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vol. 3

Original paper
Impedance cardiography in haemodynamic monitoring of septic patients: a prospective study

Mariusz Piechota
Robert Irzmański
Maciej Banach
Jan Kowalski
Lucjan Pawlicki

Arch Med Sci 2007; 3, 2: 145-151
Online publish date: 2007/06/29
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In 1992 the decisions were published of the American College of Chest Physicians (ACCP) and the American Society of Critical Care Medicine (SCCM) defining among others: sepsis, severe sepsis and septic shock [1, 2]. The mentioned septic states, particularly severe sepsis and septic shock, are associated with serious prognostication and increased mortality [3]. The annually increasing number of septic patients is the consequence of aging of the population, the increase of resistance to antibiotics and popularization of invasive methods of treatment. Owing to severe clinical condition, septic states require multidirectional and precise monitoring.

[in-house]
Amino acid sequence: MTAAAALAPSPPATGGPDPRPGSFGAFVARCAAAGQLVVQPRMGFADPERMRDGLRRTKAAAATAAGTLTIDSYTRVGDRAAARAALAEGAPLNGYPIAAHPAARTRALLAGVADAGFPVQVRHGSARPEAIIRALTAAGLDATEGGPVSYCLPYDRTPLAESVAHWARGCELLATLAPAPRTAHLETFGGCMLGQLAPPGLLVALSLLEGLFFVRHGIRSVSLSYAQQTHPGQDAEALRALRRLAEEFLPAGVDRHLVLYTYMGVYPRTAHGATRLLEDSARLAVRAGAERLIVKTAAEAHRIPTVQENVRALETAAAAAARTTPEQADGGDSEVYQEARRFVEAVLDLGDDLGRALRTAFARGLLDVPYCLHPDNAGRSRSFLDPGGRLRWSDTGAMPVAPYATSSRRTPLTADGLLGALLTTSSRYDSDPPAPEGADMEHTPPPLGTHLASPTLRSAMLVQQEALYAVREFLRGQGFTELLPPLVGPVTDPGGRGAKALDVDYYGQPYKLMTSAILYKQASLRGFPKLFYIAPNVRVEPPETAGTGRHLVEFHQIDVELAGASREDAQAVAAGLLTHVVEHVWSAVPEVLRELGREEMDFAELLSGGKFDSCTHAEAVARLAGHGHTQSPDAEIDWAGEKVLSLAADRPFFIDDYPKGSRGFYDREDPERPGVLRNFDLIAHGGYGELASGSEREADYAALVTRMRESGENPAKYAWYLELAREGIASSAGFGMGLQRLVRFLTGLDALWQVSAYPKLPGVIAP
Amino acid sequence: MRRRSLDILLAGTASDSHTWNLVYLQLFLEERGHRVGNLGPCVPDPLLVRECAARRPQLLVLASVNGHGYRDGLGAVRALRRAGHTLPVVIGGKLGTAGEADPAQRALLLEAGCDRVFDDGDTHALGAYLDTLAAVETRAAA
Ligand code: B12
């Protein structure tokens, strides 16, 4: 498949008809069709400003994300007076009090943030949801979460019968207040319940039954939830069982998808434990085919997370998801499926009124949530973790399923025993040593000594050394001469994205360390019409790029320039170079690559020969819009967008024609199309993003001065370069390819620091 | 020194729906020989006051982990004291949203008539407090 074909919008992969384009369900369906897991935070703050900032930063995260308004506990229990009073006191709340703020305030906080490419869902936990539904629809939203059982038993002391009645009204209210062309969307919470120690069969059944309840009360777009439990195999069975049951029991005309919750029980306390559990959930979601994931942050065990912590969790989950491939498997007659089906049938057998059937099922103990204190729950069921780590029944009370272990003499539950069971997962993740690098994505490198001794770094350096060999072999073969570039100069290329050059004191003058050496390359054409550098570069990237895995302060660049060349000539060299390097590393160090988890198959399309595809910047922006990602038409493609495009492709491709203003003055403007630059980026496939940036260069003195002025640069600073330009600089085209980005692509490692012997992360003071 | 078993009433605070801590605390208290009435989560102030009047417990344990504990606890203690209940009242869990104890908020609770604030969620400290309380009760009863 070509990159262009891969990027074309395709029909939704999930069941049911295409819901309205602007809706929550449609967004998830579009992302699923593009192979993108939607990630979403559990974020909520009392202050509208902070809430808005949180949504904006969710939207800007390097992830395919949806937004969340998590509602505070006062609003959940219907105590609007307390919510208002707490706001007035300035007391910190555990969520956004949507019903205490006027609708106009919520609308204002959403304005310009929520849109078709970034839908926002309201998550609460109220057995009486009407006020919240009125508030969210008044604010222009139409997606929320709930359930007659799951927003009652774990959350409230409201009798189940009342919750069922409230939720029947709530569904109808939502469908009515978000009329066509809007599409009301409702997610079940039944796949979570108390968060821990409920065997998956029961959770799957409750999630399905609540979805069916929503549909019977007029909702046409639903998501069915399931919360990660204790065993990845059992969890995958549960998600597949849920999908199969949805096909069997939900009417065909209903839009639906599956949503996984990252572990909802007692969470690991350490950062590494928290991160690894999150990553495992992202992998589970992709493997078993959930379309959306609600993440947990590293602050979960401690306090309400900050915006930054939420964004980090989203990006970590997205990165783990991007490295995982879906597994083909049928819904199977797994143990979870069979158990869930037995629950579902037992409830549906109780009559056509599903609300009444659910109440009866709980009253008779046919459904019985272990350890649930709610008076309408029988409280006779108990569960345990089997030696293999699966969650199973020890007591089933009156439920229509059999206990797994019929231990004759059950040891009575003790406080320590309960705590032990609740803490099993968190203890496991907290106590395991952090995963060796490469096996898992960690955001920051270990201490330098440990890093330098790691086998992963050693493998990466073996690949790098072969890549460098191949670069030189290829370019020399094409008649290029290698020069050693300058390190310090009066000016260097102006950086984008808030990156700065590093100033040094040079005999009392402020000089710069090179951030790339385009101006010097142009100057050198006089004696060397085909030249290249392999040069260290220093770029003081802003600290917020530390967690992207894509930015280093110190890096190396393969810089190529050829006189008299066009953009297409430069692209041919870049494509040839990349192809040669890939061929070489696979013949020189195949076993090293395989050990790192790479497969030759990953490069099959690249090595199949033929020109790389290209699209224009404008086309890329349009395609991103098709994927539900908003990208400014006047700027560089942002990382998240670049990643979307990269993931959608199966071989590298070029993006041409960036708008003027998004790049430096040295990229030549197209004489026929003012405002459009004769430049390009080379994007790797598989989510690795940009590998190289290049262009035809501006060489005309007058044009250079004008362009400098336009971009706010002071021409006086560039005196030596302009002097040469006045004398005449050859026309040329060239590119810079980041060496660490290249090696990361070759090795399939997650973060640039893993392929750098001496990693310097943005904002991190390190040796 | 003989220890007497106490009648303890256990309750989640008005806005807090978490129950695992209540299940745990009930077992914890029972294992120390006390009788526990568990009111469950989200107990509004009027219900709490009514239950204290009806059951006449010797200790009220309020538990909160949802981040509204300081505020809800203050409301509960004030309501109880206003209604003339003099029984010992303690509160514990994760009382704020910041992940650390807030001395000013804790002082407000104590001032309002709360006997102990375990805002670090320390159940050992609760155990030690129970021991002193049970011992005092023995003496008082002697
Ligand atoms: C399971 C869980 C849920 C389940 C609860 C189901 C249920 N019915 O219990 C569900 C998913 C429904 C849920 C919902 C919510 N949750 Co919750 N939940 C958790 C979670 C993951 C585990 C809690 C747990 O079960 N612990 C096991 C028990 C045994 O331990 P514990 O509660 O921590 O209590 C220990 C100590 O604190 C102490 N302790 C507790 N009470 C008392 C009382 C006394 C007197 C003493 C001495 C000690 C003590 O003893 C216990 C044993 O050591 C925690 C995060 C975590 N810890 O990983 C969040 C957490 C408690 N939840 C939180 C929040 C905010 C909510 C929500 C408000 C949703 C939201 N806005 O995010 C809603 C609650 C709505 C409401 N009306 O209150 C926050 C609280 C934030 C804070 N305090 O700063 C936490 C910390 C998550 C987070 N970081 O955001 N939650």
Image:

Descriptive score scales also related to organ functioning have been introduced for diagnostic and prognostic needs [4-9]. Circulatory system is estimated on the basis of the values of mean arterial pressure and/or doses of the applied pressors. Testing more precise haemodynamic parameters requires introduction of invasive methods, quite costly and with the risk of serious complications [10, 11].
Impedance cardiography (ICG) is an interesting alternative to these methods. It is a totally non-invasive and easily applied technique for monitoring a wide spectrum of haemodynamic parameters. ICG was developed for NASA in the 1960s [12]. In the meantime a lot of validation studies have been published [13-27]. If the limitations of impedance cardiography are considered, impedance measurements – combined with high level signal evaluation, like the PASA algorithms – are comparable with established invasive methods.
The aim of the study was to assess the practical usefulness of impedance cardiography in monitoring of septic patients, its comparison with Sepsis-related Organ Failure Assessment (SOFA) score and verification of the objectivity of the investigated haemodynamic parameters by parallel testing of N-terminal brain natriuretic propeptide (NT-proBNP) concentration.